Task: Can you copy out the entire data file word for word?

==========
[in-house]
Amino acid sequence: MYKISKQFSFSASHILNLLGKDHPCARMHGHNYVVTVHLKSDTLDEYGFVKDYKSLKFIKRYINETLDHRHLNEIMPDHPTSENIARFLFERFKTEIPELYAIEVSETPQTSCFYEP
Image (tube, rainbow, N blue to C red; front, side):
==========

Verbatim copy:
[in-house]
Amino acid sequence: MYKISKQFSFSASHILNLLGKDHPCARMHGHNYVVTVHLKSDTLDEYGFVKDYKSLKFIKRYINETLDHRHLNEIMPDHPTSENIARFLFERFKTEIPELYAIEVSETPQTSCFYEP
Image (tube, rainbow, N blue to C red; front, side):